Ramadan is one of the most sacred religious events among Muslims, who fast from sunrise to sundown for an entire month. The practice aims at building character, resolve, and stoicism amongst the devotees of Islam. Roza (the fast) is broken every evening with a communal meal, the Iftar, traditionally with dates, milk, and water. Over many centuries, the Iftar meal has come to feature some of the best culinary celebrations of the Muslim community. In India, Iftar is a celebrated affair not just among the believers of Islam, but among most non-vegetarian food lovers. Haleem and Harees are India’s most favorite meat preparations during the holy month. While the savory offerings of India’s Iftar are delectable, today I want to highlight my 5 favorite Iftar Sweets that you must try at least once in your life:
The Phirni is one of the most popular sweets of Iftar meals. This Pudding is made with coarsely ground rice. While the recipe is close to the Kheer or Payasam, the Phirni has a thicker consistency and has more nuts, cardamom, and saffron flavors. This creamy, delicious pudding is usually baked and chilled in clay pots that absorb the moisture and thicken the pudding, adding incredible richness to the dessert.
Umm Ali is every bit the exotic little dessert that it sounds like. It has an Egyptian origin and literally means “Ali’s Mother”. The legendary dessert has a fascinating and slightly violent history. A certain Mansur Ali, son of Aybak, of Egypt avenged his father’s murder and his mother’s torture by killing his treasonous stepmom. He then celebrated his revenge by ordering Umm Ali to be made and distributed across all of Cairo. This special bread pudding is infused with pistachios, coconut flakes, cream, raisins, and sugar. It melts in the mouth and is divine in every way possible.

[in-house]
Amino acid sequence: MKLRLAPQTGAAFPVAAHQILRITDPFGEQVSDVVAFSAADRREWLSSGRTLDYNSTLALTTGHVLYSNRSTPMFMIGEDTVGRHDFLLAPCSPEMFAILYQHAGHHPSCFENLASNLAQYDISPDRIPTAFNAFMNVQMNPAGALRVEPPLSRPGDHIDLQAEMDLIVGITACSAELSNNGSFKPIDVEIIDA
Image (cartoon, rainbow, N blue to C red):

Sheer Khurma is also a very popular sweet available at Iftar meals. The name literally means milk with dates. Vermicelli is fried in clarified butter. Then milk (sheer) is added and the vermicelli is allowed to cook further. As the mixture thickens, sugar and dates (Khurma) are added along with other dried fruits. This special dish is served on the morning of Eid day in the family after the Eid prayer as breakfast, and throughout the day to all the visiting guests.
Khobani ka Meetha
Khobani is Urdu for Apricots. Khobani ka Meetha is a Hyderabadi dessert made with dried apricots. Apricots possibly made their way to India during Alexander’s time, since his entourage was obsessed with the fruit. For centuries, Khobani ka Meetha was strictly a royal dessert, since the imported, easily perishable, dried and preserved fruit was too expensive for commoners.
Preparation of the dish involves boiling apricots with syrup until they assume the consistency of a thick soup or compote. The dessert is topped with blanched almonds or apricot kernels and is traditionally garnished with malai, custard or ice-cream – although the real connoisseurs would advise you to stick to cream.
This sweet with a funky name is my absolute favorite on this list. It is a Bohri delicacy that I hear is pretty hard to prepare. This literally peerless cake baked with mawa, ghee, sugar, semolina, nutmeg and dry fruits, is a divine gastronomic experience. It is believed that the best Aflatoon in India is available at Suleman Mithaiwala’s in Mumbai. This amazing dessert can also be made into a biscuit and has found mention is Sadat Hassan Manto’s My Name is Radha. The biscuit version of the dessert is celebrated in Ahmedabad more than Mumbai. Just a word to the wise, it is very difficult to finish even a thin slice of this lip-smacking sweet!
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